CEO gets 3 months for causing priest's death. Sister calls handling of case 'a travesty'

Despite pleading guilty in a car crash this summer that killed a priest, everything seemed set up for Jeffrey Higgins to avoid going to jail.

The Hamilton County Prosecutor’s Office, according to Higgins’ attorney, did not ask for a jail sentence.

His attorney, Alex Triantafilou, is a close friend of Prosecutor Joe Deters.

And Deters’ office had allowed Higgins, 51, to plead guilty to a misdemeanor charge – disregarding a grand jury indictment that charged him with aggravated vehicular homicide, a felony that carries a five-year prison sentence.

On Thursday in Hamilton County Common Pleas Court, Judge Ethna Cooper said Higgins should face consequences for the “horrible actions” that killed the Rev. Chris Coleman. He was a passenger in Higgins’ Ford Mustang Shelby convertible that day.

“You carelessly showed off your car and killed your friend,” Cooper said. “The senseless joyride, it was totally avoidable. And it changed the lives of countless people – family, friends, and all the people touched by the life of Father Chris.”

Under Cooper’s sentence, Higgins, the CEO of a Clermont County company that makes snack food seasonings, will spend three months in jail.

Once released, he will be on probation for three years. His driver’s license will be suspended for five years, although Cooper said she would allow exceptions so he could drive to work.

If Higgins violates the terms of probation, he would face another 90 days in jail.

During the sentencing, Coleman’s sister and only sibling, Dr. Paula Coleman Black, said for the first time publicly that the family did not support Deters' office's decision to allow a plea to a misdemeanor.

“It was said that Chris’s family was in agreement with the lesser charge,” Black said, referring to a statement from the prosecutor’s office after the plea. “I can assure you that settling for a lesser charge was never blessed by me.”

A spokeswoman for Deters' office said the assistant prosecutor on the case did speak with Black several times before Higgins pleaded guilty and reviewed the plea deal with her.

In court, Black said legitimate questions were raised about whether Higgins was receiving special treatment.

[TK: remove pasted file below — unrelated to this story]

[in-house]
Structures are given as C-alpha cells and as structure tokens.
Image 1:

She laid out some of the facts of the crash, which happened the afternoon of July 9 after Higgins peeled out of the Wyoming Golf Club’s parking lot at more than 50 mph on to a residential street.

The 662-horsepower sports car’s throttle was at 99 percent, she said. It likely was still accelerating when Higgins lost control and flipped the car, which landed upside down, partially in a golf course sand trap.

“I don’t understand how it was never challenged that Jeff only had three beers,” Black said. "Why was there no breathalyzer test? Why were findings from the airbag computer not considered?”

Higgins pleaded guilty last month to misdemeanor vehicular homicide, for driving negligently. The maximum penalty is six months in jail.

“It saddens me to feel that because Chris’s family has no real connections in Cincinnati and Hamilton County, and because Chris has no spouse and no children – some believe all this can be swept under the rug,” she said. “He is not disposable.”

Higgins and Coleman had been friends and golfing buddies for about four years. Higgins, who is Lutheran, was the DJ at Coleman’s 50th birthday party.

In a statement he read in court, Higgins said knowing that he was responsible for his friend’s death “torments my soul.”

He said the grief felt by Coleman’s family, friends and parishioners “torture(s) my thoughts.”

“I want them to know how sorry I am for their grief and that all this happened,” he said.

After the sentencing, Black said nothing that happened in the courtroom will bring back her brother.

"This is a travesty, it's sad and there are no winners," she said. "Everyone now has to find a new normal. I keep coming back to the fact that no one won."

Cincinnati.com


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